TuneIn, the site that has long served as the Internet's main directory for streams of terrestrial radio, relaunched last week to function more like a social network, and the change seems to be hitting the right notes.
TuneIn told CNET that in the first two days of the relaunched TuneIn, the number of favorites -- when a user selects a radio station or podcast to follow and, under the relaunched site, populate an individualized feed of content -- more than tripled compared with two days just before the redesign went live. The number of new favorites added on May 7 and May 8 was 1.53 million, compared with 611,570 on the same two days a week earlier, before the relaunch.
Unlike all other categories of media disrupted by the Internet, terrestrial radio has enjoyed some comfortable protection from online upstarts because it rules the one sphere where connectivity has the most difficulty penetrating: the automobile. The glacial pace of car rollouts and safety considerations about driver distraction have been big barriers to digital radio rivals and kept terrestrial radio's hold on the lion's share of an estimated $14 billion radio advertising market.
But it also means terrestrial radio has lacked the motivation to make its business Internet relevant while rivals in print and video media have raced to keep up with changing consumer habits. With the exception of radio giant Clear Channel's online arm iHeartRadio -- which blends live-radio station streaming with Pandora-like, data-based stations you can create based on an artist or song -- traditional radio stations generally haven't done much more than slap a livestream of their broadcast up on the Internet. More than 100,000 let TuneIn do that work for them.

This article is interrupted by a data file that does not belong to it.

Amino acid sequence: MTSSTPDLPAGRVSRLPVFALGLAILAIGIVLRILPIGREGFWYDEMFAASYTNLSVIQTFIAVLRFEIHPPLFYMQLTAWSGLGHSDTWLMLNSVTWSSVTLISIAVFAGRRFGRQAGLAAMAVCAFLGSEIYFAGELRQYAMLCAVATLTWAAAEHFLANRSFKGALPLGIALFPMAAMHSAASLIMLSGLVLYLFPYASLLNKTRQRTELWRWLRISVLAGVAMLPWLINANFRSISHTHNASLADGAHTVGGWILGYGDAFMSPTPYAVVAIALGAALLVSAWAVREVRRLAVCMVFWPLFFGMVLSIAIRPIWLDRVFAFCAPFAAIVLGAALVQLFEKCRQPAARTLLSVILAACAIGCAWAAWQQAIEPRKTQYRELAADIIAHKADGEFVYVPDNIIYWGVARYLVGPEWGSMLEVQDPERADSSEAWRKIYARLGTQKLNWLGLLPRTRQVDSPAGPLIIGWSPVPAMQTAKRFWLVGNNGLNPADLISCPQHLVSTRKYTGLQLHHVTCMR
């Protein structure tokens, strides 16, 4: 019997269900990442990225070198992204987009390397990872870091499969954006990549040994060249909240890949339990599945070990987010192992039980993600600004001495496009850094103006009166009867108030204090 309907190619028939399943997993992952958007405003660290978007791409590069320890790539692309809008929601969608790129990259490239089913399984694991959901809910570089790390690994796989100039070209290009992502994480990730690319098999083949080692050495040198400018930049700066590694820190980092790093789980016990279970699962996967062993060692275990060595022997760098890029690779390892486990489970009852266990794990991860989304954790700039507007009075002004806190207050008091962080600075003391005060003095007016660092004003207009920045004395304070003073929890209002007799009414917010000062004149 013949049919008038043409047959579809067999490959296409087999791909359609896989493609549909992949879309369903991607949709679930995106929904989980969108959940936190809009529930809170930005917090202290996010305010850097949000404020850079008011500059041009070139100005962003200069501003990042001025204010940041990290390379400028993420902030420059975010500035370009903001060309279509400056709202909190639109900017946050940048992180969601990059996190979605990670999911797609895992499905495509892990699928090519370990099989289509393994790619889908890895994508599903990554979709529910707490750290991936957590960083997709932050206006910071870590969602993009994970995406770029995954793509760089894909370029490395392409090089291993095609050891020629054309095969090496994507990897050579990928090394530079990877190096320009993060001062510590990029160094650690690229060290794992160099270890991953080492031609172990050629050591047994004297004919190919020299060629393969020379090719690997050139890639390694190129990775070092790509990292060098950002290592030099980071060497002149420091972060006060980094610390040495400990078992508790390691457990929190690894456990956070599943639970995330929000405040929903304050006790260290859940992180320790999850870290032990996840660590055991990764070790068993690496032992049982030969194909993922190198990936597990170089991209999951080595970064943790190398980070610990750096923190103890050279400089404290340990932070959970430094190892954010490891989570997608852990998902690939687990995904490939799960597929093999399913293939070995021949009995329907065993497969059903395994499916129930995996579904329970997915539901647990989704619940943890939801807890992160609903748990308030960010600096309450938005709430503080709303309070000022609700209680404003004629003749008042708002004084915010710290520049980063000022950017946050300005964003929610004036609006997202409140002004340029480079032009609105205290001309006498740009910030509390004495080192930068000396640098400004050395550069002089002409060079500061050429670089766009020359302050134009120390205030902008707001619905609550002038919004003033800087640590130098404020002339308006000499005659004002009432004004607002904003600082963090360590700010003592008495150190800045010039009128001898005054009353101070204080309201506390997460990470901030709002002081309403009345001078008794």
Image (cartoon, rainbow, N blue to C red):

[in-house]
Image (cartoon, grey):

The relaunched TuneIn, besides being much easier on the eyes than its prior incarnation, adds a bunch of social-like features. It creates a live updating feed of what's happening on the stations you favorite; allows you to follow other users and send "echoes" of what you're listening to anyone on TuneIn or on other social networks; and creates a customizable profile page for each user.
Radio stations themselves can send out echoes to their followers, such as, for example, CNN Radio sending out an echo about some breaking news coverage as it's in progress or a local station alerting its fans when it has a big act in studio for a live performance.
"The biggest one that hasn't moved online yet is radio," TuneIn Chief Executive John Donham said, adding that he doesn't view online streaming operations like Pandora, Spotify, or Beats Music as competition to TuneIn. "We don't see CD player and radio as competitive with each other...We're the only ones that do this worldwide."